Local authority planned changes to school places

Local authorities add and remove places to manage their school estates as necessary according to future demand. Local authority planned places are the cumulative number of places local authorities plan to add or remove in the next three academic years, at the time of the survey. They exclude places planned through DfE programmes such as centrally funded Free Schools. 

Local authorities have reported a planned net increase of just under 63,000 places by 2024/25. This is fewer places than the planned increase for 3 years ahead, as reported in SCAP2021, again demonstrating that demand is slowing down.

Future school places still needed (place planning)

The department use SCAP2022 data, as well as internal data, to produce place planning estimates up to 2026/27 for primary and 2028/29 for secondary. These show the estimated number of additional places needed to meet future predicted demand in each national curriculum year group and pupil place planning area. These estimates of places needed, are in addition to the local authority planned places reported in SCAP.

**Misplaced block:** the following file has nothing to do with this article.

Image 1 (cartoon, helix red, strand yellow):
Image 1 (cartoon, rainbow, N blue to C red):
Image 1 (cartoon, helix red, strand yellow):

The cumulative aggregate estimates as at 1 May 2022, show an estimated 28,000 primary places are still needed across England in order to meet demand in academic year 2026/27. This is despite the expected decline in primary pupils nationally. Even in times of a declining population, there will still be increasing demand in some areas of the country. Secondary shows a growing rate of need for places up to 2026/27, with an estimated total of 42,000 places needed in order to meet demand.